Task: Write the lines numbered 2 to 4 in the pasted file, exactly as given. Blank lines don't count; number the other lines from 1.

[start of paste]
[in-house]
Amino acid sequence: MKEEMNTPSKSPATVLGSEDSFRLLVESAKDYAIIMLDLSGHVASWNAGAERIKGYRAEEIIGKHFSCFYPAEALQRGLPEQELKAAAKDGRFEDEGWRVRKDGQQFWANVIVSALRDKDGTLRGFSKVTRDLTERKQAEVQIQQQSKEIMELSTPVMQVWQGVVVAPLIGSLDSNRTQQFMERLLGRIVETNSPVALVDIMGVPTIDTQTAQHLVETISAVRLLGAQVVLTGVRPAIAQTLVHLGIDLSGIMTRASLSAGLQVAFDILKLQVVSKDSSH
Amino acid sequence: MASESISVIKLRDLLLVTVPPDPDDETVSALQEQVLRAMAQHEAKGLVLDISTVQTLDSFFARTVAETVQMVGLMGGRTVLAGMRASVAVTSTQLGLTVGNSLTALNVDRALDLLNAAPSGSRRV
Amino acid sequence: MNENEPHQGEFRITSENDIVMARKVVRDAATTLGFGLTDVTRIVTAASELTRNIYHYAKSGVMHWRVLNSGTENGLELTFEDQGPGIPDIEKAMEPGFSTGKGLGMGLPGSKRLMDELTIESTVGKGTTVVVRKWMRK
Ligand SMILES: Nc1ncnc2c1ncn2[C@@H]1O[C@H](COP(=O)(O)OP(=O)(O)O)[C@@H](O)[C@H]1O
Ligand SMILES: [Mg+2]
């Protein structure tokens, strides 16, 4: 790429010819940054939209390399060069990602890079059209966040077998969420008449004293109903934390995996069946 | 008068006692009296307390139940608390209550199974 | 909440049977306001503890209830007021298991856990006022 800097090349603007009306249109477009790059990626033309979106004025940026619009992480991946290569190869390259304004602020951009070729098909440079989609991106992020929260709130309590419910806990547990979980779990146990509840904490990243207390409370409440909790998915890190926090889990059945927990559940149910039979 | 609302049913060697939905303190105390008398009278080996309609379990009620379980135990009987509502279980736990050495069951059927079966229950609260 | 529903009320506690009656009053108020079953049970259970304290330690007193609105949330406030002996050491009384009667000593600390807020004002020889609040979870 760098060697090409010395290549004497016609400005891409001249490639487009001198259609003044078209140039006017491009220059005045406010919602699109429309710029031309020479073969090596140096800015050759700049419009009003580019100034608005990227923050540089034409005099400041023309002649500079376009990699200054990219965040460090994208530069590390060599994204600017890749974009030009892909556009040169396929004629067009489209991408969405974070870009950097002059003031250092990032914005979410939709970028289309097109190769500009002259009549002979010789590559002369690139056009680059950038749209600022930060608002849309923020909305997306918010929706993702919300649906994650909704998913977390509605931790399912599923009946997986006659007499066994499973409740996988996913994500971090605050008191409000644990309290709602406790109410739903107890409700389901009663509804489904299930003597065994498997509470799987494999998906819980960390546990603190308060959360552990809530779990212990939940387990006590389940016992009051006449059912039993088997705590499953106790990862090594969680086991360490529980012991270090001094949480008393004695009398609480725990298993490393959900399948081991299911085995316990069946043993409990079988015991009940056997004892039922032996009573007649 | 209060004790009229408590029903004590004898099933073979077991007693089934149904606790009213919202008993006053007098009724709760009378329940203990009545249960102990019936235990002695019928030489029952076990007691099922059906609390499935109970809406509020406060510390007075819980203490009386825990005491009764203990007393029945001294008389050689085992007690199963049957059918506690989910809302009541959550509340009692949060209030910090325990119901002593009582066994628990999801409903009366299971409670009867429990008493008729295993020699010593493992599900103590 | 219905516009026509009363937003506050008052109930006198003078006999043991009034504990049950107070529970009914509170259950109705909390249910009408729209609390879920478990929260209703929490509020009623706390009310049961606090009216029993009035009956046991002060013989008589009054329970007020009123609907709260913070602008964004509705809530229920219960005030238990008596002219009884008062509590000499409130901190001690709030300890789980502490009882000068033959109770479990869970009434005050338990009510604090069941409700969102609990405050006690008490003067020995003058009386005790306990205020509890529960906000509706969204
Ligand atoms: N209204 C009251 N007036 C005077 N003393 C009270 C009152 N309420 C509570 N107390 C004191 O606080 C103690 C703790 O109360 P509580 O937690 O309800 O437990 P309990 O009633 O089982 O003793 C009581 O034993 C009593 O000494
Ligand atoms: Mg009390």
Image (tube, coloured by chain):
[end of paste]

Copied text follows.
Amino acid sequence: MKEEMNTPSKSPATVLGSEDSFRLLVESAKDYAIIMLDLSGHVASWNAGAERIKGYRAEEIIGKHFSCFYPAEALQRGLPEQELKAAAKDGRFEDEGWRVRKDGQQFWANVIVSALRDKDGTLRGFSKVTRDLTERKQAEVQIQQQSKEIMELSTPVMQVWQGVVVAPLIGSLDSNRTQQFMERLLGRIVETNSPVALVDIMGVPTIDTQTAQHLVETISAVRLLGAQVVLTGVRPAIAQTLVHLGIDLSGIMTRASLSAGLQVAFDILKLQVVSKDSSH
Amino acid sequence: MASESISVIKLRDLLLVTVPPDPDDETVSALQEQVLRAMAQHEAKGLVLDISTVQTLDSFFARTVAETVQMVGLMGGRTVLAGMRASVAVTSTQLGLTVGNSLTALNVDRALDLLNAAPSGSRRV
Amino acid sequence: MNENEPHQGEFRITSENDIVMARKVVRDAATTLGFGLTDVTRIVTAASELTRNIYHYAKSGVMHWRVLNSGTENGLELTFEDQGPGIPDIEKAMEPGFSTGKGLGMGLPGSKRLMDELTIESTVGKGTTVVVRKWMRK